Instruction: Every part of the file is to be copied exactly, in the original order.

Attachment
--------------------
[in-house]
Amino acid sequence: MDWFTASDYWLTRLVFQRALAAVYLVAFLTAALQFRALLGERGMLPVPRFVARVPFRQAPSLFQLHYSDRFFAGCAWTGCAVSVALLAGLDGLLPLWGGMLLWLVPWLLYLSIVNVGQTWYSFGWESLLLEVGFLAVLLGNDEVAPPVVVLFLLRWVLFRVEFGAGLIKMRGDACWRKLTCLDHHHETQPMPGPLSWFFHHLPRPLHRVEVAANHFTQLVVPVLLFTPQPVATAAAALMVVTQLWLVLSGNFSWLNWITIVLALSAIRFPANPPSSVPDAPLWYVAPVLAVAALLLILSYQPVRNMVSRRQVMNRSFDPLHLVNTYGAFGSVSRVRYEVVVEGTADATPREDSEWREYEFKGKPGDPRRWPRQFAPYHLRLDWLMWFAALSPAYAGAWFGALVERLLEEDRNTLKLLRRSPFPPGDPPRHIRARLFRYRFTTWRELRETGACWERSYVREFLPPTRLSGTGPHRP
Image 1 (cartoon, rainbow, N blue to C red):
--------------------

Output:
[in-house]
Amino acid sequence: MDWFTASDYWLTRLVFQRALAAVYLVAFLTAALQFRALLGERGMLPVPRFVARVPFRQAPSLFQLHYSDRFFAGCAWTGCAVSVALLAGLDGLLPLWGGMLLWLVPWLLYLSIVNVGQTWYSFGWESLLLEVGFLAVLLGNDEVAPPVVVLFLLRWVLFRVEFGAGLIKMRGDACWRKLTCLDHHHETQPMPGPLSWFFHHLPRPLHRVEVAANHFTQLVVPVLLFTPQPVATAAAALMVVTQLWLVLSGNFSWLNWITIVLALSAIRFPANPPSSVPDAPLWYVAPVLAVAALLLILSYQPVRNMVSRRQVMNRSFDPLHLVNTYGAFGSVSRVRYEVVVEGTADATPREDSEWREYEFKGKPGDPRRWPRQFAPYHLRLDWLMWFAALSPAYAGAWFGALVERLLEEDRNTLKLLRRSPFPPGDPPRHIRARLFRYRFTTWRELRETGACWERSYVREFLPPTRLSGTGPHRP
Image 1 (cartoon, rainbow, N blue to C red):